Gokhan Altin

Date of Award


Document Type


Degree Name

Master of Science in Electrical Engineering


Department of Electrical and Computer Engineering

First Advisor

Richard K. Martin, PhD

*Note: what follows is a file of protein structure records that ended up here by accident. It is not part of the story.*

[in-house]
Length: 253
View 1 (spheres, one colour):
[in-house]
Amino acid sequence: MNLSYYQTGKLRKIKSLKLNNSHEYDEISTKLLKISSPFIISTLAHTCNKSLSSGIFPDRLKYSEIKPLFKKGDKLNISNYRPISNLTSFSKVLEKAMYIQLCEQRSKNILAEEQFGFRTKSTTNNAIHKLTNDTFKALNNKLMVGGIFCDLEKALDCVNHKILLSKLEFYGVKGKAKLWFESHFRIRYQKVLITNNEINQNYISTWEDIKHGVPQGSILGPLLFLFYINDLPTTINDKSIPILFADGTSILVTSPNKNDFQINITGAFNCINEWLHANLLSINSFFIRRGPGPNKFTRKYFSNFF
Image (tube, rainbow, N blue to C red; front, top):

In advanced wireline or wireless communication systems, i.e., DSL, IEEE 802.11a/g, HIPERLAN/2, etc., a cyclic prefix which is proportional to the channel impulse response is needed to append a multicarrier modulation (MCM) frame for operating the MCM accurately. This prefix is used to combat inter symbol interference (ISI). In some cases, the channel impulse response can be longer than the cyclic prefix (CP). One of the most useful techniques to mitigate this problem is reuse of a Channel Shortening Equalizer (CSE) as a linear preprocessor before the MCM receiver in order to shorten the effective channel length. Channel shortening filter design is a widely examined topic in the literature. Most channel shortening equalizer proposals depend on perfect channel state information (CSI). However, this information may not be available in all situations. In cases where channel state information is not needed, blind adaptive equalization techniques are appropriate. In wireline communication systems (such as DMT), the CSE design is based on maximizing the bit rate, but in wireless systems (OFDM), there is a fixed bit loading algorithm, and the performance metric is Bit Error Rate (BER) minimization. In this work, a CSE is developed for multicarrier and single-carrier cyclic prefixed (SCCP) systems which attempts to minimize the BER. To minimize the BER, a Genetic Algorithm (GA), which is an optimization method based on the principles of natural selection and genetics, is used. If the CSI is shorter than the CP, the equalization can be done by a frequency domain equalizer (FEQ), which is a bank of complex scalars. However, in the literature the adaptive FEQ design has not been well examined. The second phase of this thesis focuses on different types of algorithms for adapting the FEQ and modifying the FEQ architecture to obtain a lower BER. Simulation results show that this modified architecture yields a 20 dB improvement in BER.

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